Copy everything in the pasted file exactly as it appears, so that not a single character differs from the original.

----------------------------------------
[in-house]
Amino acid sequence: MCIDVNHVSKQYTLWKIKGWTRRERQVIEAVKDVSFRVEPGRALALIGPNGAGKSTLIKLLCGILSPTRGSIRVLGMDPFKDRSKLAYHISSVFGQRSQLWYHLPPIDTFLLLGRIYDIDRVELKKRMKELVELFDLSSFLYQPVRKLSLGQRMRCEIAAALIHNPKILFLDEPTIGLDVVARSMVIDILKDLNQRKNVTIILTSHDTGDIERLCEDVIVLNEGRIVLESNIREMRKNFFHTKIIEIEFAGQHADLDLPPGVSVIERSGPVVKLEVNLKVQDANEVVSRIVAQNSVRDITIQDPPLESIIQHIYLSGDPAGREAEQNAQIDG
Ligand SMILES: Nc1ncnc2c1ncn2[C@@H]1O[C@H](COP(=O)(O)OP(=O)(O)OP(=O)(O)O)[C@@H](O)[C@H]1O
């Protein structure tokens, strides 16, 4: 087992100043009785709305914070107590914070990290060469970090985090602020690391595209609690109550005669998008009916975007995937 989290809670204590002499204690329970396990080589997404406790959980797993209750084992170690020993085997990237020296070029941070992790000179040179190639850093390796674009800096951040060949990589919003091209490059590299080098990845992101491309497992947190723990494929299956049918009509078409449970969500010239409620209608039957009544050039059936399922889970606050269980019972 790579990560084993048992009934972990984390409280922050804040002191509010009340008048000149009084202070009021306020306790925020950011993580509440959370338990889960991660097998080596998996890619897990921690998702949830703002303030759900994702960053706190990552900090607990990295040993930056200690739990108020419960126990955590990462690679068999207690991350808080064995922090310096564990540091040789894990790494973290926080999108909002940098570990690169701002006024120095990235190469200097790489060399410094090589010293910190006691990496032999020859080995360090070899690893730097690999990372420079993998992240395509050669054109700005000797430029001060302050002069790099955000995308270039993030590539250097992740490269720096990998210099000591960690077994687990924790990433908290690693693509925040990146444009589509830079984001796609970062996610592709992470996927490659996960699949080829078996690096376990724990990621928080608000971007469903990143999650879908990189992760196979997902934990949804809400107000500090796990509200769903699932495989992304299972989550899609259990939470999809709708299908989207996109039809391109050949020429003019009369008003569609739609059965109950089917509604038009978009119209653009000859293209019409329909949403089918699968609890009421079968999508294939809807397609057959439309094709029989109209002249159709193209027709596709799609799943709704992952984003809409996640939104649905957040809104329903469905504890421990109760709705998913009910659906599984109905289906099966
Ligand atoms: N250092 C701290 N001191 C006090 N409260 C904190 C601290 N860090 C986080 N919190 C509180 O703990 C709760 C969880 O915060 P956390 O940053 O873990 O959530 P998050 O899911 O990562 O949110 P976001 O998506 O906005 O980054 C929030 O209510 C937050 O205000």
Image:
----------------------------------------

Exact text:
[in-house]
Amino acid sequence: MCIDVNHVSKQYTLWKIKGWTRRERQVIEAVKDVSFRVEPGRALALIGPNGAGKSTLIKLLCGILSPTRGSIRVLGMDPFKDRSKLAYHISSVFGQRSQLWYHLPPIDTFLLLGRIYDIDRVELKKRMKELVELFDLSSFLYQPVRKLSLGQRMRCEIAAALIHNPKILFLDEPTIGLDVVARSMVIDILKDLNQRKNVTIILTSHDTGDIERLCEDVIVLNEGRIVLESNIREMRKNFFHTKIIEIEFAGQHADLDLPPGVSVIERSGPVVKLEVNLKVQDANEVVSRIVAQNSVRDITIQDPPLESIIQHIYLSGDPAGREAEQNAQIDG
Ligand SMILES: Nc1ncnc2c1ncn2[C@@H]1O[C@H](COP(=O)(O)OP(=O)(O)OP(=O)(O)O)[C@@H](O)[C@H]1O
């Protein structure tokens, strides 16, 4: 087992100043009785709305914070107590914070990290060469970090985090602020690391595209609690109550005669998008009916975007995937 989290809670204590002499204690329970396990080589997404406790959980797993209750084992170690020993085997990237020296070029941070992790000179040179190639850093390796674009800096951040060949990589919003091209490059590299080098990845992101491309497992947190723990494929299956049918009509078409449970969500010239409620209608039957009544050039059936399922889970606050269980019972 790579990560084993048992009934972990984390409280922050804040002191509010009340008048000149009084202070009021306020306790925020950011993580509440959370338990889960991660097998080596998996890619897990921690998702949830703002303030759900994702960053706190990552900090607990990295040993930056200690739990108020419960126990955590990462690679068999207690991350808080064995922090310096564990540091040789894990790494973290926080999108909002940098570990690169701002006024120095990235190469200097790489060399410094090589010293910190006691990496032999020859080995360090070899690893730097690999990372420079993998992240395509050669054109700005000797430029001060302050002069790099955000995308270039993030590539250097992740490269720096990998210099000591960690077994687990924790990433908290690693693509925040990146444009589509830079984001796609970062996610592709992470996927490659996960699949080829078996690096376990724990990621928080608000971007469903990143999650879908990189992760196979997902934990949804809400107000500090796990509200769903699932495989992304299972989550899609259990939470999809709708299908989207996109039809391109050949020429003019009369008003569609739609059965109950089917509604038009978009119209653009000859293209019409329909949403089918699968609890009421079968999508294939809807397609057959439309094709029989109209002249159709193209027709596709799609799943709704992952984003809409996640939104649905957040809104329903469905504890421990109760709705998913009910659906599984109905289906099966
Ligand atoms: N250092 C701290 N001191 C006090 N409260 C904190 C601290 N860090 C986080 N919190 C509180 O703990 C709760 C969880 O915060 P956390 O940053 O873990 O959530 P998050 O899911 O990562 O949110 P976001 O998506 O906005 O980054 C929030 O209510 C937050 O205000």
Image: